Advisor Perspectives welcomes guest contributions. The views presented here do not necessarily represent those of Advisor Perspectives. Dan Richards

Financial advisors are classic entrepreneurs, typically starting a business from scratch with the goal of achieving financial security for themselves and their families. That’s why lessons from entrepreneurs with a pattern of demonstrated success – even outside the financial industry – are tremendously helpful.

For every Mark Zuckerberg, Steve Jobs or Mark Cuban, whose names get trumpeted in headlines, there are dozens of low-key entrepreneurs who have created tremendous value for their customers and their shareholders and amassed substantial wealth along the way.

In early February, I attended an IT conference in Miami Beach, where I had the opportunity to hear Terry Matthews, who is one such overlooked success story:

  • In 1972, he co-founded a company that was bought in 1985 by British Telecom .
  • A year later, Matthews founded Newbridge Networks, purchased in 2000 for $7 billion by Alcatel.
  • Most impressive of all, Matthews has been involved with 89 tech startups, a remarkable 83 of which have been successful – and is still active in starting new ventures.

In his talk, Matthews outlined his 10-step formula for new ventures. Here are the five key elements that he looks for when getting involved in start-ups:

Step 1: Focus on solutions to big problems

In Matthews’ experience, most start-ups fail because the founders fall in love with an idea. Once launched, founders become invested in the idea, ignoring bad news and continuing on even when it’s clear that they’re on a sinking ship. 

That doesn’t mean you should give up if you don’t see immediate success – patience is essential in any significant new initiative – but Matthews preached the importance of connecting with customers to dig deep and understand their big problems, what he called being solution-driven, rather than idea-driven.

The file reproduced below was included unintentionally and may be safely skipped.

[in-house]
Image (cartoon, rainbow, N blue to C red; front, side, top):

In Matthews’ words: “If you’re really delivering what customers are asking for and solving their problems better than anyone else, you’ve driven most of the risk out of new ventures. When you’re tackling real problems, you can afford to be patient.” 

To address big problems, you don’t need to dramatically depart from the core work you already do.  I recently wrote about an advisor who saw a dramatic spike in referrals, stemming from calls last fall to retired clients suggesting that they meet to prepare a detailed monthly cash flow forecast of money coming in compared to their expenses.

Given low interest rates and uncertain equity markets, it turns out that this was a top-of-mind problem for many of his older clients. Even clients who had absolutely nothing to worry about walked away relieved to have confirmation that their situation was well in hand and that they could proceed with plans to buy a new car, go to Florida for three months, make a donation to their favorite charity or help grandchildren with education or a new home. 

By addressing a big problem for retirees, this advisor created peace of mind – and also positive word-of-mouth in the network in which his older clients travel, leading to as many referrals in the three months after he initiated these meetings as he’d seen in the previous three years. 

To read more details about how this advisor did this, click here.